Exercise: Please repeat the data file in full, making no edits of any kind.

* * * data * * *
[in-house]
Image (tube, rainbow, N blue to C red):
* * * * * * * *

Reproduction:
[in-house]
Image (tube, rainbow, N blue to C red):